The narwhal, Monodon monoceros, has long fascinated sea explorers, scientists and aristocracy. This arctic whale is characterized by a single spiraled tusk extending six to nine feet, emerging from the upper jaw and through the lips of adult males. Some females may exhibit a tusk and, in rare instances, a male with two tusks has been observed. Often associated with the horn of the unicorn, the narwhal tooth has found its way into the books of scientific rarities and mythical tales.
National Geographic Explorer of the Week, Sept-Oct 2012
Dr. Martin Nweeia for his research on the functional significance of the narwhal tusk.
More can be found at: http://newswatch.nationalgeographic.com/2012/09/26/explorer-of-the-week-martin-nweeia/
New York Times, Science Times, December 13, 2005
"It was a shock. There, contrary to all known precepts of tooth anatomy, they found open tubules leading down through the mazelike coating to the tooth's inner nerves and pulp."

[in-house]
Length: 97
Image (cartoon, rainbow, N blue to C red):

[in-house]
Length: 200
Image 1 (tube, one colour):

New Scientist, Feb. 5, 2005
"It is, without question, the most extraordinary and unique tooth in nature."
Marine Mammal Conference
A new theory for narwhal tusk function, hydrodynamic sensor capabilities announced.
| Narwhal Tusk Discoveries
The narwhal tusk has mystified scientists, researchers and academics for centuries. What does this unique tooth do? Join us in a scientific journey that helps uncover the mystery.
Dr. Frederick Eichmiller, PRC, ADAF, NIST
It might provide some insight to how we can strengthen human teeth. Dental materials science meets the 'unicorn' tooth. National Geographic Society films story of narwhal.
Dr. James Mead, Curator, Smithsonian
The scanning electron micrographs generated from this research show that even the most treasured generalizations are worth looking at anew in the light of modern technology.
||Explorers Club, World Center for Exploration awards prestigious "Flag" to expeditions in 2003 through 2012. |